Wednesday, October 1, 2014

The Do’s and Don’ts of a Successful Book Launch by Diana Flegal

This past Saturday I had the privilege of attending a client’s book launch. Since my clients are scattered all over the US of A, it is rare for me to be able to lend my physical support to them all, as much as I’d like to.

 Author Amy L. Sullivan did a stellar job hosting a fun, creative and successful book launch both online and within her local community. I thought I would interview her and pass along some do’s and don’ts in an effort to assist you in preparation for your launch event planning.


Do Become Visible Online
Amy purposefully supported others online. She joined groups, wrote articles for websites, completed interviews via Skype, committed to pray, and became genuinely interested in the projects other people were doing. She sought out those who had similar missions as she did and joined forces to work on new endeavors together. 

Do Share Your Vision
Since Amy’s book is on generous living, in addition to an online book launch, she wanted to host a local event where families and nonprofits could meet one another with the hopes of becoming involved with each other.

Amy prayed about a venue for her local event. She wanted a place in the midst of her community where families could come and children were welcome. Once the venue was found—a perfect place in answer to her prayers—she assembled her event team—comprised of 6 local people. This team met twice and communicated regularly through email.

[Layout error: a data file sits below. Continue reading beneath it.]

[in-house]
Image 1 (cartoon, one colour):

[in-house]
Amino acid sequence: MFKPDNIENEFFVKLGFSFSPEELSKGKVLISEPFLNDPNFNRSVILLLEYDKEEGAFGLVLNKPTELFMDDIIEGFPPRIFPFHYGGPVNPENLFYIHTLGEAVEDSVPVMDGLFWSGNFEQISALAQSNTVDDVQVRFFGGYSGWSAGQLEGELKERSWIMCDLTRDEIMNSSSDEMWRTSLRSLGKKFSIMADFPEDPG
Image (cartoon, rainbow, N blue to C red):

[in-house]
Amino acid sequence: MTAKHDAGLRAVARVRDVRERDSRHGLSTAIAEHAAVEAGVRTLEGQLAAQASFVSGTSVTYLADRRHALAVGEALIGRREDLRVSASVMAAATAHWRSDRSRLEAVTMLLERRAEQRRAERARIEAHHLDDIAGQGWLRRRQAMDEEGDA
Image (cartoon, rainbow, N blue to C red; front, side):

Once Amy shared her vision with others, she was surprised how many people wanted to rally and help her.

Do Assemble a Team to Get Behind You
Three months before the book’s release, Amy also assembled an online launch team. Amy had been building genuine online relationships for a few years, and at this time, she simply asked people if they would be interested in helping her spread the word about her new book when it released.
Three weeks before Amy’s book released, Amy gathered the people who said they would support her in a Private Facebook Group. Forty-seven members participated in challenges and online sharing about the book.

Do Plan Out What You Will Ask of Your Online Launch Team
Examples of things she asked them to do were:
§  Share about Amy’s book on their blog.
§  Tweet and retweet: Amy provided them with already made tweets to share.
§  Share photos of the book’s cover and quotes from the book online.
§  Amy sought 100 people to participate in Thuderclap (an online platform which allows tons of people to share about the same message) and CLAP her book once.
§  Pray. Amy felt prayer was of extreme importance in her book launch’s success. One launch team member’s sole contribution was to pray every day for the book launch and the local event.

Do Brainstorm    
Amy’s wish list for her local event included a face painter, live music, a graphic designer, fun decorations, and kid-friendly food. By the end of the first meeting with her local team, all items from Amy’s wish list had been assigned to others.